A catastrophic tailings spill last month at British Columbia’s Mount Polley copper and gold mine has focused Canadians’ attention on the safety of mine waste containment, and NRDC says the tar sands/oil sands industry is one of the main sources of concern. Tar sands/oil sands mining operations “generate massive volumes naphthenic acids, polycyclic aromatic hydrocarbons, phenolic compounds, ammonia, and mercury and other trace metals, and some of these compounds are carcinogenic,” Droitsch writes. “For every barrel of tar sands bitumen produced…1.5 barrels of liquid waste is added to the tailings ponds.” Companies already store more than 200 billion gallons of waste in an area larger than Washington, DC, and “because of weak and unenforced regulations, the volume of tailings could grow to 343 billion gallons by 2060,” according to the Alberta-based Pembina Institute.
The Energy Collective
The Greenland and West Antarctic ice sheets are both declining at an unprecedented and alarming rate, according to satellite mapping by NASA. The volume of ice loss in Greenland has doubled since 2009, and “the loss of the West Antarctic Ice Sheet has in the same time span increased by a factor of three,” said glaciologist Prof. Dr. Angelika Humbert. “Combined, the two ice sheets are thinning at a rate of 500 cubic kilometres per year. That is the highest speed observed since altimetry satellite records began about 20 years ago.” Romm comments that “we are seeing ice sheet loss at rates not imagined even a few years ago,” meaning that “if we don’t reverse carbon pollution emissions trends ASAP, sea level rise will likely be four to five feet or more by century’s end. Also, the rate of sea level rise in 2100 could be upwards of one inch per year.”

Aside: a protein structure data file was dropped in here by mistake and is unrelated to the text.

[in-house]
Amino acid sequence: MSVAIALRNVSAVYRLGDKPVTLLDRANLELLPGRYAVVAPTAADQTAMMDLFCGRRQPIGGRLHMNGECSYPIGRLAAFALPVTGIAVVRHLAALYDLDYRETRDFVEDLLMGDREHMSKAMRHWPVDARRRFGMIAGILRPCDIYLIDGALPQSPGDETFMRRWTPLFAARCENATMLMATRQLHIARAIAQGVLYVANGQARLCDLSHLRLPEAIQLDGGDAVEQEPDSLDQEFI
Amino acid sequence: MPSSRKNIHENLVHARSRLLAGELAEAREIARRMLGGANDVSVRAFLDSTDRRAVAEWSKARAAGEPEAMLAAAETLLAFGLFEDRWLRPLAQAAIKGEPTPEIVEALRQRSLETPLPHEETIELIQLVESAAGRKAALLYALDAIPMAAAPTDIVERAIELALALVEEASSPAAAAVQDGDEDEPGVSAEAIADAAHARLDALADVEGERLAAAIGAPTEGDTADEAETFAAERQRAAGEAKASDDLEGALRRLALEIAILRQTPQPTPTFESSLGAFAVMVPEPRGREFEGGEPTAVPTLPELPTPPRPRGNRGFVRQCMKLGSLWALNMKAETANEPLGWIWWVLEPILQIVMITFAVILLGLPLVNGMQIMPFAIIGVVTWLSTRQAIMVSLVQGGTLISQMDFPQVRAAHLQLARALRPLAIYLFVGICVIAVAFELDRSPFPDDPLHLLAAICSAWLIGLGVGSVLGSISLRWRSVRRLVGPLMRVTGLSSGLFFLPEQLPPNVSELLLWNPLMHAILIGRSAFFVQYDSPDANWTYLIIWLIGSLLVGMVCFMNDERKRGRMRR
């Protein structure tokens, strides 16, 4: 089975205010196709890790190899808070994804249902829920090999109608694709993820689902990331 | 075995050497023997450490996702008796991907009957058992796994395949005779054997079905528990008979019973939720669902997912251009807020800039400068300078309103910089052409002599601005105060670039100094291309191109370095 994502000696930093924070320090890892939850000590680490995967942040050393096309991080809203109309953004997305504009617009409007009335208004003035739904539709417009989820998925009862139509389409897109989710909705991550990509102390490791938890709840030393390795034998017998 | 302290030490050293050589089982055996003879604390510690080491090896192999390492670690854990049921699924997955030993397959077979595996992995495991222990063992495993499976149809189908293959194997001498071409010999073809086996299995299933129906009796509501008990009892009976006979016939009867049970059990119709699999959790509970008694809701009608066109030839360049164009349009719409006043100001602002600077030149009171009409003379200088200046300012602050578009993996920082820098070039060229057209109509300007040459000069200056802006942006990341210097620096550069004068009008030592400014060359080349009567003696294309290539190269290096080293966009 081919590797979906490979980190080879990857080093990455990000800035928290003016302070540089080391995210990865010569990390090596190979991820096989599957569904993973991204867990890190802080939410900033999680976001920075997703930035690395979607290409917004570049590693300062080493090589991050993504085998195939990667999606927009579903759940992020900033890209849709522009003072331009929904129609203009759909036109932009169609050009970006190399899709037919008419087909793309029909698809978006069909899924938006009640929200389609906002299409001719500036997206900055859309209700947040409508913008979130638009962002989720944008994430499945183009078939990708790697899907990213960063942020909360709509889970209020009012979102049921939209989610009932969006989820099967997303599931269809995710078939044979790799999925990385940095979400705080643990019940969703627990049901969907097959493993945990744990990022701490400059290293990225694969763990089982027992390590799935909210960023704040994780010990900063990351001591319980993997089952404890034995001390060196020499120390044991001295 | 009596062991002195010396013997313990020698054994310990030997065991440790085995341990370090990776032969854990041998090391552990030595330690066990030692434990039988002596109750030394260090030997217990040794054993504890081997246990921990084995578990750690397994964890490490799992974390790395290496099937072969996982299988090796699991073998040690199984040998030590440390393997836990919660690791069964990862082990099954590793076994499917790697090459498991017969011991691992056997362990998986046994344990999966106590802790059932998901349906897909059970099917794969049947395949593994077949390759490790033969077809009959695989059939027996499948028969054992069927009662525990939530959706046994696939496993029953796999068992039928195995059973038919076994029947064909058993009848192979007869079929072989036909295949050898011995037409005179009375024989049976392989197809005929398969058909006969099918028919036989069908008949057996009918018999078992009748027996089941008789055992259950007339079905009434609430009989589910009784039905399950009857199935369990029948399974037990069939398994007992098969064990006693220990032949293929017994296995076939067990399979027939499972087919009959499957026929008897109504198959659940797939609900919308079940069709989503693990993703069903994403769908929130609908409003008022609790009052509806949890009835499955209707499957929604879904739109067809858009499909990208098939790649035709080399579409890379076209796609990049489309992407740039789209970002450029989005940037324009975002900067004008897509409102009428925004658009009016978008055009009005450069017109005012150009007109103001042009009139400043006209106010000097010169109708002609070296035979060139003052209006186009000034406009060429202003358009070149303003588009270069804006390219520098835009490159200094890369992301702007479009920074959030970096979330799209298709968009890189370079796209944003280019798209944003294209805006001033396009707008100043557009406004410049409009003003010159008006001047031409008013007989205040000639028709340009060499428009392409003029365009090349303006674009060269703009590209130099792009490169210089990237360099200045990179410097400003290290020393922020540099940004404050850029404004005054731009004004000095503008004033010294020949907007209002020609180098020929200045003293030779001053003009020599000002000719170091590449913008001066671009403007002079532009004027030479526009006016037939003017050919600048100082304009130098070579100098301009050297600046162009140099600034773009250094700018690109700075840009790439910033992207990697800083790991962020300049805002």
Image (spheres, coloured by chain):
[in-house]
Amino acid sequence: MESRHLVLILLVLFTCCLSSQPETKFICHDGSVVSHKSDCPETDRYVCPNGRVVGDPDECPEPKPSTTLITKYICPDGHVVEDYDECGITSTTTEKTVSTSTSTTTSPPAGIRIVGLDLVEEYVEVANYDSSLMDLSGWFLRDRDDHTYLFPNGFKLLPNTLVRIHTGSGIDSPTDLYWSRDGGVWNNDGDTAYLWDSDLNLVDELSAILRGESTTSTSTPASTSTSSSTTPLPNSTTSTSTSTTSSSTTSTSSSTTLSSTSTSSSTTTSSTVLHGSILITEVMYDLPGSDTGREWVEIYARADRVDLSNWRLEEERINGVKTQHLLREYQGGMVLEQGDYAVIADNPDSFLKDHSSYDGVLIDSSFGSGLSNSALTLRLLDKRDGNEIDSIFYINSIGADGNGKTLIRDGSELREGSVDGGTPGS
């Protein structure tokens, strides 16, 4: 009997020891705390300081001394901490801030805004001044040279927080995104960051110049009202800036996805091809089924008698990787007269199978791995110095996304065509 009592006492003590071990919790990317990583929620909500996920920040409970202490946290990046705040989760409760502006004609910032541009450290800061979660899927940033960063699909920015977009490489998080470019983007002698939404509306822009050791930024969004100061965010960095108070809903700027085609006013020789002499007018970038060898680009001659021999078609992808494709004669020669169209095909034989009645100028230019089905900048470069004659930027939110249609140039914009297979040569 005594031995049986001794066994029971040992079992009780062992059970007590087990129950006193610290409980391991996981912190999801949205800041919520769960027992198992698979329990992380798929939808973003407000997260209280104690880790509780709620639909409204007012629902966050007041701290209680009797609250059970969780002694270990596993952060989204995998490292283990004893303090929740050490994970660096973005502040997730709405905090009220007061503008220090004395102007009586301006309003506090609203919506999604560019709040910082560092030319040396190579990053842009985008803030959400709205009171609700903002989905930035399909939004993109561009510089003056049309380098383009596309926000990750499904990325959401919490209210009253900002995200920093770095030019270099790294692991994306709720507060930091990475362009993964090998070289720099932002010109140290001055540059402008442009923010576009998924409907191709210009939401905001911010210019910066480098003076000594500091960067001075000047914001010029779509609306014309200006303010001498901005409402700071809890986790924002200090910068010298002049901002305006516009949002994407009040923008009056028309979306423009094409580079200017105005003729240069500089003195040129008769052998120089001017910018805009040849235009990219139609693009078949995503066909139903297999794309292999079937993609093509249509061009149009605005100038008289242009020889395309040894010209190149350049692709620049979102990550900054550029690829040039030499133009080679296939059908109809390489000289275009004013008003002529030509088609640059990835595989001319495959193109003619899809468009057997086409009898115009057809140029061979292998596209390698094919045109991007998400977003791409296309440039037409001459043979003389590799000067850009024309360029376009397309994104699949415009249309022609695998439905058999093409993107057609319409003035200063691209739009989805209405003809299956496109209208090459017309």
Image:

Electric vehicles are a “quadruple win” for utilities seeking to increase electricity demand, build different kinds of relationships with customers, show stronger support for environmental objectives, and reduce their own operating costs, according to the Edison Electric Institute (EEI), the industry’s main trade body. “Thus far, utilities have had a conflicted relationship with electric vehicles,” Lacey writes. “Although sales continue to grow, consumer demand has been relatively low compared to initial estimates. That has prevented power companies from investing heavily in charging infrastructure.” But with virtually no growth in retail demand for electricity, and distributed solar cutting into their markets, “today’s electric utilities need a new source of load growth—one that fits within the political, economic, and social environment,” an EEI report states.